What is natural selection?
It may seem like a silly question.
However, most people are probably more familiar with phrases that have come to represent the process such as:
‘survival of the fittest’, ‘only the strong survive’, ‘it’s a dog-eat-dog world (out there)’,
and the list goes on I'm sure.
Or perhaps you have heard of the Darwin awards, a site that “commemorate(s) those who improve our gene pool by removing themselves from it.”
To be accurate, I would argue these common associations actually refer to a principle of natural selection called gause’s law or the competitive exclusion principle.
Do only the strong survive?
Go to rainforest and you will find yourself in one of the most diverse ecosystems on our planet. Notice anything strange?
If only the strong survive, why is there so much diversity?
Before you think Darwin or Gause
messed up, I will argue there are two important factors to think about not
included in the phrases mentioned above: environmental
complexity and time. That is, society's truncated interpretation is messed up.
What is a ‘resource’?
There is a part of the competitive exclusion principle worth highlighting: the principle states that competitors competing for the same resources when other ecological factors are constant cannot co-exist.
Thinking like a survivalist, the key resources for survival are:
Although fire is not a requirement for wild animals, the others definitely are. Survival is also not always about food. Shelter or spatial arrangement is very important.
For strong competition to occur and cause exclusion or extinction, the key is to think of situations when ALL these requirements overlap.
Some species may rely on similar water and food sources but be spatially separated. To Returning to the rainforest example, stratification results in species that live on the ground while others can live high up in the canopy. Although they may eat similar food, they rarely come in contact.
Within a specific spatial region, different species may then rely on different food sources to avoid competition. For example, different species of birds in the same canopy may specialize in different food sources like nuts and bugs allowing co-existence.
However, the rainforest is an extreme example. What about other environments?
Take a liter of ocean water, for example, and examine it under a microscope. Would you expect there to be a lot of diversity? You might be surprised.
Environments that appear simple may not in fact be as simple as they appear. Gradients of food, temperature, light make subtle spatial differences very distinct especially for microorganisms such as plankton shown above.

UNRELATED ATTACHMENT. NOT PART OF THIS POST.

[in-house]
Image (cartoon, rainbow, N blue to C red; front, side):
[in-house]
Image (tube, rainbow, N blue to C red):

Even diversity itself creates complexity due to interactions between species.
Do not judge of an environment by it’s cover.
Currently, factors that allow diversity to co-exist is still widely studied and discussed today (For an example, check out Jeremy Fox's work trying to 'kill' the intermediate disturbance hypothesis).
Now that we have established that strong overlap needs to exist, let’s talk about what it really means to be fit.
How do we define who is strong / fit?
Are you fit? Maybe you go to the gym regularly and you would describe yourself as fit. But, that is not what we are talking about here. Rather than how much you can bench press or your mile time, evolutionary fitness is about population growth rate.
As I mentioned before, the trick is that we need to consider time.
If we consider fitness through time, the focus shifts from a comparison of individuals to a comparison of groups. For example, can you tell me how fit is your family? Said another way, how much has your family grown over the past 1,000 years? Hard question to answer.
To answer this question, you really need to track genetic signals that belong to a family lineage.
A very commonly discussed example you have likely heard of is Genghis Khan’s lineage that is over a thousand years old. Data seems to suggest that 1 in 200 men are direct descendants of Genghis Khan. Besides the fact that Genghis Khan could probably out bench press me, his lineage is also very evolutionarily fit because his lineage displays an exceptional growth rate.
Only the most resourceful over the long term survive?
I think society's interpretation of natural selection and the competitive exclusion principle is a bit too pessimistic. Think of the liter of ocean water; although two organisms competing for the exact same resources cannot co-exist, opportunities to find a niche are numerous.
Although Winston Churchill was not talking about natural selection, I like the use of this quote in this context. It may be a dog-eat-dog world out there but co-existence is possible if you find that little corner of the universe in which you excel.